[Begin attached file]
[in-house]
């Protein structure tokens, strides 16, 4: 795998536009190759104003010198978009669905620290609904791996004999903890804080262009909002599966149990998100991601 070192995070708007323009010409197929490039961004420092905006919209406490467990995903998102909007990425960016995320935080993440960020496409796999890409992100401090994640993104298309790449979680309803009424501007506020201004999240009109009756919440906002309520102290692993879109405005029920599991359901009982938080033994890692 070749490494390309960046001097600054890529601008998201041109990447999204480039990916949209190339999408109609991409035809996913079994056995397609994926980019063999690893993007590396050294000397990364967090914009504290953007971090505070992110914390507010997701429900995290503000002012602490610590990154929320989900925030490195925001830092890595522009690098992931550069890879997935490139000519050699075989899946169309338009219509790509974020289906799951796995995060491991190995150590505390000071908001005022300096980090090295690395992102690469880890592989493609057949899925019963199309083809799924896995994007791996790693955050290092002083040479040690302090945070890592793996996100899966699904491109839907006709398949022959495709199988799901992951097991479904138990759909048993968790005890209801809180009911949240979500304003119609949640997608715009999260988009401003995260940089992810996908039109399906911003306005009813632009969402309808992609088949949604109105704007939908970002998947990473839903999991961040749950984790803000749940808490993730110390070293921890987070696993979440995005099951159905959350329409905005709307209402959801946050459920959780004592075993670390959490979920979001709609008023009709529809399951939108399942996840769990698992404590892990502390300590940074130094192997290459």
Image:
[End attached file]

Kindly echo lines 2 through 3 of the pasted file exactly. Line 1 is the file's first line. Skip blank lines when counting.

């Protein structure tokens, strides 16, 4: 795998536009190759104003010198978009669905620290609904791996004999903890804080262009909002599966149990998100991601 070192995070708007323009010409197929490039961004420092905006919209406490467990995903998102909007990425960016995320935080993440960020496409796999890409992100401090994640993104298309790449979680309803009424501007506020201004999240009109009756919440906002309520102290692993879109405005029920599991359901009982938080033994890692 070749490494390309960046001097600054890529601008998201041109990447999204480039990916949209190339999408109609991409035809996913079994056995397609994926980019063999690893993007590396050294000397990364967090914009504290953007971090505070992110914390507010997701429900995290503000002012602490610590990154929320989900925030490195925001830092890595522009690098992931550069890879997935490139000519050699075989899946169309338009219509790509974020289906799951796995995060491991190995150590505390000071908001005022300096980090090295690395992102690469880890592989493609057949899925019963199309083809799924896995994007791996790693955050290092002083040479040690302090945070890592793996996100899966699904491109839907006709398949022959495709199988799901992951097991479904138990759909048993968790005890209801809180009911949240979500304003119609949640997608715009999260988009401003995260940089992810996908039109399906911003306005009813632009969402309808992609088949949604109105704007939908970002998947990473839903999991961040749950984790803000749940808490993730110390070293921890987070696993979440995005099951159905959350329409905005709307209402959801946050459920959780004592075993670390959490979920979001709609008023009709529809399951939108399942996840769990698992404590892990502390300590940074130094192997290459």
Image: